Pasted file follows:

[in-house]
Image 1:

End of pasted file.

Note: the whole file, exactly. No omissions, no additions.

[in-house]
Image 1: